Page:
The effects of oral administration of aqueous extract of Khaya senegalensis stem bark on the ratio of organ weight:body weight of experimental rats and percentage change in body weight of the first and last days of the experimental period are shown in Table 1. Prolonged administration of the extract for 28 days resulted in significant ( ) decrease in percentage change in body weight of the experimental rats in a dose dependent manner when compared to the values of the control group. Administration of several doses of the extract to their corresponding groups had no significant ( ) effect on the ratio of kidney weight:body weight as well as ratio of heart weight:body weight when compared to the values of their corresponding control group. However the ratios of liver weight:body weight and spleen weight:body weight were observed to be significantly different at the higher doses of 1600 mg/kg ( ) and 2000 mg/kg ( ) when compared to their corresponding control values.

Dose mg/kg bwKidney : body weightLiver : body weightHeart : body weightSpleen : body weightChange in body weight (%)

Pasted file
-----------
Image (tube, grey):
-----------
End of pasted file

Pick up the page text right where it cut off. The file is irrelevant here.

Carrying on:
Values are expressed as mean ± SD; . The level of significance was set at b when compared with control at 0 mg/kg body weight, Dunnett’s multiple comparison test.

3.3. Effect of Subchronic Oral Administration of Aqueous Stem Bark Extract of K. senegalensis on Kidney Function Parameters of Rats

The effect of aqueous stem bark extract of K. senegalensis on serum urea, creatinine, potassium ion, and sodium ion is shown in Table 2. The administration of the extract increased the serum concentration of urea and potassium ion significantly ( ) in all the different dose groups when compared to their corresponding control values. There was an observed corresponding increase in the values of creatinine and sodium levels in all the dose groups, with significant ( ) difference at the 1600 mg/kg and 2000 mg/kg body weight dose group.

Dose mg/kg bwUrea (mmol/L)CreatinineNa+ (mmol/L)K+ (mmol/L)


Values are expressed as mean ± SD; . The level of significance was set at b when compared with control at 0 mg/kg body weight, Dunnett’s multiple comparison test.